ROCK & ROLL HALL OF FAME NOMINEES ARE IN! A lot of repeats this time, and I can't say most of them are particularly more compelling candidates the second or third time. However, there are some very compelling newcomers.
As always, my criteria is three-pronged: (1) Formal Innovation: did the artist do something new or different technically, stylistically, etc; (2) Lasting Influence/Importance: did the artist change the direction of the Rock/Pop universe, preferably for the better? Is that influence still felt?; and (3) Commercial Viability: not that "more is better" but that the artist must have attained at least a certain quantum of commercial success, either during its active lifetime or in the years since.
And the nominees are:
THE CURE: Huge resounding YES! There was no band who did more to define both the “Alternative” look and sound of the 80s than the Cure. The Smiths were major (and should be inducted); New Order was huge (and should be inducted), but the Cure truly embodied it, from the black clothing, to the asymmetrical hair, to the deliberately misapplied makeup. But what makes it truly work is that the Cure’s music transcends their widely-copied (and parodied) style. Sometimes harrowingly dark and heavy, sometimes sprightly and optimistic, the Cure could cover a range of emotions while always retaining their essence throughout. Their catalog is deep with several albums that could reasonably considered any given fan’s favorite and excellent songs (and hits!) all through the course of their career. Innovative? Huge: they took Joy Division’s lead and essentially defined the Post-Punk/Goth/Alternative sound. Influential? Massive: from their look to their sound, they launched countless ships. Commercial success? Huge here, too! No-brainer slam dunk.
DEF LEPPARD: This is the Journey/Bon Jovi case all over again. All three were big Arena Rock bands that sold plenty of tickets and many albums. Def Leppard suffers in comparison with the other two in that they do not have a “Don’t Stop Believin’” or “Livin’ on a Prayer” to demonstrate lasting pop cultural impact. Indeed, if you look at Def Leppard’s Spotify page, the sum total listens of their entire catalog has generated a small fraction of what either of those two evergreen behemoths have generated. If you’re going to get in almost entirely on your pop success, you better have HUGE pop success. It’s not clear that Def Leppard has it. What Def Leppard can be credited for is translating the New Wave of British Heavy Metal, led by bands such as Judas Priest, Iron Maiden, Diamond Head, Saxon, and others, to a more pop-forward MTV audience. Credit can also be given to their album, Pyromania, as one of the archetypal pop-Metal album of the 80s. Most importantly, credit must be given for the menschy way in which they treated their drummer, Rick Allen, when he lost his arm in a car accident just as the band were on the brink of mega-stardom. Rather than dropping Allen, and filling his stool with some hired hand, the band gave him the time to recover and re-learn how to play a special kit modified to accomodate his disability. Many, if not most, up-and-coming bands would have likely placed their ambitions above their loyalty. Def Leppard did not. However, credit on the musical front must be limited. They were not a formally innovative band. They essentially simplified the British Metal sound of the time, turned out several well-crafted pop versions of the sound, and communicated it with sympathetic production, courtesy of Mutt Lange. That’s not an “easy” task to accomplish, but nor is it a Hall-worthy one. While one could argue that Def Leppard were influential, the nature of that influence is dubious: setting the stage for the commodification/commercialization of Metal culminating in the artistically suspect “Hair Metal” scene that dominated mid-late 80s MTV and which became the de facto definition of “Metal” for large swathes of the American public. My guess is that they get voted in, but I don’t think they should.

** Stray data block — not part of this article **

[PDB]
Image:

DEVO: Interesting nomination. With their high-concept philosophies of human “devo-lution,” d.i.y. pseudo-scientistic-futuristic attire, and off-kilter herky-jerky sound, they were one of the most idiosyncratic and identifiable bands of the American punk movement. Pretty high on the innovation scale. However, it’s not clear to me how deep their influence was. Contemporaries such as the Ramones defined the garage-style three chord high-energy punk-pop/punk sound for a zillion followers; The Talking Heads and Television lay the groundwork for the American “Alternative” scene that emerged in the 80s and exploded in the 90s; Blondie and the Pretenders showed what strong female leads could do; Black Flag, Bad Brains, Minor Threat, and the Circle Jerks pointed the way to hard-core. What did Devo lead to? Interesting band and odd historical footnote, but not RRHoF.